Absolutely no soccer. It will affect her fertility,” Fatima instructed us as she grudgingly released her daughter’s hand, allowing Ofal to sprint over to the rest of the girls trying on athletic shoes. It was our third week running sports camps for Iraqi refugee girls living in Jordan, so the request came as no surprise. “Of course,” we said. “Feel free to stay and watch.”
From the other side of the fence surrounding the courtyard where the camps were held, Fatima scrutinized Ofal’s every move through the small eye openings in her black burka. Though Ofal was shy at first, giggling alongside her teammates as they worked on their bounce passes, she turned out to be a natural at basketball.
The next day, Fatima eased up on her restrictions: Ofal could try shooting a soccer ball. By the end of the week, Fatima agreed to let her play in the final game. Fatima tearfully told us that Ofal never before had the opportunity to set goals as she had over the past week. She wanted Ofal to have a career—as a translator or even a professional athlete. She wanted Ofal to have a better life than Fatima herself had been given. “Mafi mushkala, no problem!” she shouted as she wound up to give us high-fives.
The idea for the camps came out of professor Magnus Bernhardsson’s course on the history of the modern Middle East, which brought to our attention the dire consequences of the 2003 invasion of Iraq. Of the 2 million Iraqis forced to leave their country, an estimated 750,000 have relocated to Jordan, a country of approximately 5.5 million people. Most reside illegally, unable to work, with some women resorting to prostitution to help their families get by. Most children do not go to school, and, worse, there is little to help them deal with the traumas they experienced while in Iraq.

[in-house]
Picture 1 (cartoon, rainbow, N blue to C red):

We wanted to help. In thinking about the childhood experiences that had the biggest impact on our own personal development, we agreed, hands down, that they involved sports. We applied for a Davis Project for Peace grant to run sports camps for Iraqi girls living in Zarqa, a poor and populous refugee neighborhood outside of Amman, Jordan. We called our project Reclaim Childhood.
After the first set of camps last summer, we wanted to bring the benefits of sport and play to even more girls like Ofal. With the help of professor Robert Jackall, we worked with Williams parent Edward Rosenthal P’10 of Frankfurt Kurnit Klein & Selz, who donated his time to help Reclaim Childhood become a nonprofit. Meanwhile, Deborah—who deferred law school for a year to remain in Jordan—established a Saturday sports clinic and an all-girls basketball league in Zarqa.
We recently concluded our most ambitious project to date: four weeks of overnight camp at King’s Academy, an expansive boarding school near Amman, headed by Eric Widmer ’61. With the help of five Williams student volunteers and two alumni-sponsored interns, the girls have seen dramatic improvements in their basketball, volleyball, soccer and swimming skills. Add to that the unending games of samak, samak, hoot (fish, fish, shark, the Arabic version of duck, duck, goose), and we are confident that the girls have had at least a small taste of the childhood experiences so important to us.
Many people question the value of sports programs as a means of refugee relief. Our programs are only a small step toward solving a much larger social problem, but we feel it is an important and often overlooked step. Through sport, we seek to teach these young girls to be strong, to set goals, to be fair and to feel as though they can accomplish anything. The positive social values transferred through sport can help these girls to become future leaders in their region.
Watching Ofal that first summer, we couldn’t help but wonder if one day—with continued work on literacy and sport—she could be scoring goals for the Williams soccer team.